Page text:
People walking outside in Wimbledon, south London to enjoy the sunshine as lockdown fatigue grows

People walking outside in Wimbledon, south London to enjoy the sunshine as lockdown fatigue grows

Daffodils in bloom at Birkenhead Park, Wirral as coronavirus cases and deaths continue to fall

Daffodils in bloom at Birkenhead Park, Wirral as coronavirus cases and deaths continue to fall

Daffodils in bloom at Birkenhead Park, Wirral as coronavirus cases and deaths continue to fall

Flowers in front of Buckingham Palace in London today while Covid-19 cases and deaths continue to fall

Flowers in front of Buckingham Palace in London today while Covid-19 cases and deaths continue to fall

Flowers in front of Buckingham Palace in London today while Covid-19 cases and deaths continue to fall

Mute swans seen in St James\'s Park in London after the first day of Spring, in mild 13C (55F) weather

Mute swans seen in St James\'s Park in London after the first day of Spring, in mild 13C (55F) weather

Mute swans seen in St James’s Park in London after the first day of Spring, in mild 13C (55F) weather

The UK is set to enjoy a blast of warm weather during the week, with temperatures more than doubling in parts of the country ahead of the easing of coronavirus restrictions as lockdown fatigue continues to spread

The UK is set to enjoy a blast of warm weather during the week, with temperatures more than doubling in parts of the country ahead of the easing of coronavirus restrictions as lockdown fatigue continues to spread

The UK is set to enjoy a blast of warm weather during the week, with temperatures more than doubling in parts of the country ahead of the easing of coronavirus restrictions as lockdown fatigue continues to spread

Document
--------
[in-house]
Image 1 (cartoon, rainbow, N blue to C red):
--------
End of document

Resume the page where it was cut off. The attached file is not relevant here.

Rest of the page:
Positive Covid tests fell 7.5 per cent over the past seven days to 5,587 a day; hospital admissions fell 23 per cent to 496 and deaths dropped by 36.9 per cent to 96, the first Saturday with under 100 fatalities since October

Positive Covid tests fell 7.5 per cent over the past seven days to 5,587 a day; hospital admissions fell 23 per cent to 496 and deaths dropped by 36.9 per cent to 96, the first Saturday with under 100 fatalities since October

Positive Covid tests fell 7.5 per cent over the past seven days to 5,587 a day; hospital admissions fell 23 per cent to 496 and deaths dropped by 36.9 per cent to 96, the first Saturday with under 100 fatalities since October

With schools already open, the next stage of loosening is March 29, when the formal Stay at Home edict is finally dropped in favour of \'Stay Local\', and the Rule of Six makes a comeback. It will be extended to allow two households to gather

With schools already open, the next stage of loosening is March 29, when the formal Stay at Home edict is finally dropped in favour of \'Stay Local\', and the Rule of Six makes a comeback. It will be extended to allow two households to gather

With schools already open, the next stage of loosening is March 29, when the formal Stay at Home edict is finally dropped in favour of ‘Stay Local’, and the Rule of Six makes a comeback. It will be extended to allow two households to gather

March 29 will also see the reopening of tennis courts and golf courses and the return of grassroots football. But shops, hairdressers and pubs must remain closed until April 12 at the earliest – the same time gyms can get back up and running – regardless of mounting fears about the economic meltdown.  

Campsites and holiday lets can reopen for single households from April 12 – but international travel is completely off the cards until at least May 17, in a blow to the aviation sector. Social distancing rules will stay in force until June 21 at the minimum, with a government review to decide their future after that.   

Sports can start to return from May 17, although venues will need to work on reduced capacities. Up to 30 people can go to weddings from the same date, but are stuck at that number until the next phase of the roadmap.

Only at June 21 will all legal limits on social contact go, and the remaining elements of the hospitality sector be allowed to open. The Prime Minister stressed that he is being driven by ‘data not dates’ and the timeline is not guaranteed.